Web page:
The only real risk of serious unrest stems from the gathering backlash against federalism and programs for political inclusion, such as quotas and reservations. Powerful elites are not keen on dismantling the unitary state and are even less happy to relinquish their privileged access to jobs, money and political power. The transition to federalism will present the most serious challenge, and conflict risk, of the near future.

What is the new role and nature of the state, as embodied by the security forces, political institutions and the civil service? How the state behaves is of critical importance in reducing conflict risks. In the most immediate terms, the state’s response to instability can be seen in policing and public security efforts. These have been undermined by a lack of strategic clarity, the politicisation of policing and internal rivalries within the security sector. In any case, security challenges cannot be dealt with solely by this sector. The roots of instability lie in entrenched political cultures that good policing alone cannot address – and that the army is particularly incapable of tackling. Defusing conflict risks in the long term will require constructive reform.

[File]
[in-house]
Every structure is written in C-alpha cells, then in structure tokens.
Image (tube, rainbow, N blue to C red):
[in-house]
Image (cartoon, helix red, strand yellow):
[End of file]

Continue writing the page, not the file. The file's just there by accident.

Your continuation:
Development experts assume that the state is there to provide services and that if it fails to do so it will face a crisis of legitimacy. Nepal features high on the lists of fragile or failing states. But the state is more flexible than fragile. It endures – and has survived the conflict surprisingly unscathed, and unreformed. This is partly because its own raison d’être is not serving citizens so much as servicing the needs of patronage networks and keeping budgets flowing and corruption going. The state is dysfunctional by demand. It is slow to reform because elite incentives are invested in the status quo and public pressure is rarely acute.